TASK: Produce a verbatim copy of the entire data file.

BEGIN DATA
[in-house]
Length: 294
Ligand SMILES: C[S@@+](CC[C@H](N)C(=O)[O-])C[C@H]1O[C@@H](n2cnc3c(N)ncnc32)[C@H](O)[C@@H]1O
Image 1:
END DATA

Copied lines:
[in-house]
Length: 294
Ligand SMILES: C[S@@+](CC[C@H](N)C(=O)[O-])C[C@H]1O[C@@H](n2cnc3c(N)ncnc32)[C@H](O)[C@@H]1O
Image 1: